Teachers in Alabama appear to be of two minds when it comes to tenure laws, competency testing, and other professional issues, a statewide poll shows.
The survey, released this month by the University of South Alabama and the Mobile Register newspaper found that 44 percent of teachers favor amending tenure laws to limit appeals for educators dismissed for incompetence; an equal number are against such a move. Moreover, about 50 percent of the 138 teachers surveyed said that educators should be given periodic competency tests, and about 45 percent said the checkups should not be required.
Teachers, however, were less divided over the controversial merit-pay concept. Almost two-thirds of the respondents said teachers should be given raises based on their performance.
Impact II, a grassroots professional network for teachers, has published a book documenting its members' efforts to transform schools.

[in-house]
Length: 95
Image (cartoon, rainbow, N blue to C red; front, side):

The book, written primarily by 27 teachers from across the country, features developments in teacher-designed curricula, school governance, school and community relations, schools-within-schools, and teacher-led schools.
It also includes comments from experts in teacher education, as well as case studies on the network's projects by Columbia University's National Center for Restructuring Education, Schools, and Teaching.
The book, How Teachers Are Changing Schools, is the first in a planned series on teachers and school restructuring. To order, send $16.90 to Impact II--The Teachers Network, P.O. Box 577, Canal Street Station, New York, N.Y. 10013-2272; or call (800) 200-8284.
The Metropolitan State College of Denver has joined forces with the city's public schools and the Jefferson County school district to recruit minority teachers.
Each year, about 120 students from four high schools will be admitted to the recruiting program, which is designed to spark students' interest in education.
Students must complete an introductory high school course on teacher education and enroll in a summer program to observe the college courses with high school teachers who serve as mentors throughout their training.
Graduates of the four-year teacher education program will be
guaranteed interviews in both the Jefferson County and Denver school
Vol. 13, Issue 39